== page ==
Psychological Violence :

Psychological violence is a series of derogatory, humiliating, demeaning attitudes. He will diminish, criticize, denigrate, insult, reject and keep you isolated from the persons you love, etc.

  • « Finally! A good dish. It’s been years since you’ve cooked like that.»
  • « Can you clean up after the kids? Jesus it’s gross in here, a real mess. What have you done all day? You’re disgusting me, seems like you’re good for nothing.»
  • « Can we be honest here? You’re lucky you have me. I don’t know any other men that would want you.»

Verbal Violence:

Verbal violence can be heard! Sometimes yelling and shouting, other times he uses a low and threatening tone. It can imply or clearly state that you’re not safe.

  • « If you leave me, you’ll never be safe. I’ll always find you.»
  • « If you don’t behave, I’ll take the kids away and trust me, you’ll never see them again.»
  • « Have you seen yourself lately? I could get you locked up in a psych hospital in a snap. »
  • « Fill a complaint? Ha! Nobody will be crazy enough to believe you. »

Economical Violence:

This type of violence is used with the intention to control the finances. Financial dependence often represents a major impediment to your autonomy and often forces you to stay with your partner.

  • « New clothes? Again?! You’re spending all our money. Who are you trying to please? Your new colleague? »
  • « All of our expenses were on my credit card. He’d ask me to pay for things or “forget” his wallet at home, and he would always have a good excuse not to pay me back. I’m up to here with debts now. »
  • « He buys everything he wants, all the time. But if we talk about the children’s needs, he tells me that those are unnecessary expenses. »
  • « I never have access to our finances. He tells me he wants to take care of me and that I don’t have to be worried. I have no idea what our financial situation is like. »

Sexual Violence :

Often lived in silence, sexual abuse is perhaps the most difficult form of violence to identify and name. The perpetuator can force you to have unwanted sexual relationships with him or with other people. This form of violence can also manifest itself psychologically when it is used to intimidate and humiliate the other person.

  • « A lay is all you’re good for! »
  • « Listen; if you don’t want to have sex with me, it’s your business. But you can’t forbid me to get it elsewhere.»
  • « A condom? As if I’m going to wear that with my girlfriend! Is it because you cheated on me? Whore! »

Physical Violence :

The most known of all, it can take various forms. It can be experienced as brutality and physical restraint against you, your children, your animals, etc.

  • « To show me how much he despised me or when I refused to obey him, he would often spit in my face. »
  • « When I was going out, my partner would keep me from leaving the house. He would slam me against the wall or block all exists. I was a prisoner in my own house.»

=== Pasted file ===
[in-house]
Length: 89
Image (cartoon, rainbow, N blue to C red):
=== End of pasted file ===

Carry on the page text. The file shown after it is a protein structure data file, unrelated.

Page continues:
• « When he really wanted to hurt me, he would break all my favorite things. He would throw them against the wall. I was afraid that the next time he would do that to me.»
  • « My boyfriend knew exactly how to hurt me. He would pinch the kids while looking at me in the eyes. Or he would kick the dog. »

If these examples seem too familiar to you, the West Island Women’s Shelter is here to help. Please don’t hesitate to contact our 24/7 crisis line, at 514-620-4845 ext.221. A counselor is always available to answer your questions and concerns.

Post-Separation Violence

We falsely think that when the relationship is over, so is abuse. Unfortunately, that is not the case. Other types of abuse can occur, for example:


  • « He shows up at my work every day to the point where I almost lost my job. »
  • « He was calling me non-stop. Every time the phone rang my heart stopped.. I ended up answering because I felt like I was disobeying him and that the consequences would be even worse if I ignored his calls.»
  • « Last time I left, he kept going to my parents’ house to intimidate them. »

Using the children:

  • « Are you happy now? The children will never know what it is like to be raised in a loving family. »
  • « My ex constantly questions my son on where we are hiding. He tries to manipulate him, telling him he misses me and he wants to make us a big surprise. »
  • « Every second or third visit, he arrives 2 to 3 hours late with our daughter. When I try to call him, his cellphone is always off. »
  • « Last week, he called me telling me that our son was extremely sick, and then he hung up. When I called him back, terrified, he never answered, sending me directly to his voice mail. »

Don’t forget that if you’re scared, you can always call 9-1-1 or call us 24/7 on the crisis line 514-620-4845 ext. 221.

A counselor will always be available to answer your questions and is there to support you.